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Starting the foundation and placing the footings

January 8, 2015

Advantage ICFWritten by: Greg Doren
Follow me on Twitter @GregDoren

In the last blog I spoke about how I promote and sell Advantage ICFs, and help others realize their house building goals. I mentioned that this time around I would be using the Advantage ICF system to build my own dream home.

In this blog, I discuss my experience on the actual process beginning with the foundation, followed by placing the footings.


The building begins

So after 13 months of planning which included design, engineering, estimates and permit applications both municipal and provincial, we have finally started with construction. We finally have broken ground and after dealing with some expected and unexpected weather issues (Alberta weather can give anyone a run for their money) the footings have been placed and the foundation started.

The Mud & the Mayhem

Some unexpected issues we experienced included very heavy wet snow followed by quick thaw that made the site extremely muddy and hard to work in. As a result, we had to remove 5 cubic meters of mud to get to undisturbed soil for the foundation. We then experienced extreme cold (minus 28 C) which required heating and hoarding so the ground would not freeze. I thought about titling this blog “The Mud & the Mayhem”, as really the ICFs were the easiest part of this process.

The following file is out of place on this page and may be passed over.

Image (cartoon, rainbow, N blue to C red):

At this point, we have the ICFs loaded into the hole as you can see by the images. Now we are ready for the next phase!

Check back soon to see our status as we begin building with the ICFs.

For more information about the Advantage ICF system, visit


One Comment leave one →
  1. Frank Baker permalink
    January 8, 2015 3:34 pm

    Hi Greg, Wow that is a nice lot. Quite the view after you get over the challenges. Your weather construction challenges reminded me of a detail we may have spoken of some time ago. That is a gravel footer. They save time, cost and perform better than concrete footers. Gravel footers work great to provide excellent drainage and relieve you of another concrete pour and avoid some of the freezing, thawing issues. My house and most all wood foundations are built on gravel footers. I have always wondered why builders have not switched to this type of construction. Your site may have necessitated concrete due to the hillside slope but the gravel footers sure make life easier on a lot of sites.

    Happy New Year Frank


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